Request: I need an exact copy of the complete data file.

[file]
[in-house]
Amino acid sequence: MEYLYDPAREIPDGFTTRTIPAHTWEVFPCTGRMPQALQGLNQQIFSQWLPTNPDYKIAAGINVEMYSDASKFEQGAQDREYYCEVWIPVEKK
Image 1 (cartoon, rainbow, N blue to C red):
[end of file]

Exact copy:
[in-house]
Amino acid sequence: MEYLYDPAREIPDGFTTRTIPAHTWEVFPCTGRMPQALQGLNQQIFSQWLPTNPDYKIAAGINVEMYSDASKFEQGAQDREYYCEVWIPVEKK
Image 1 (cartoon, rainbow, N blue to C red):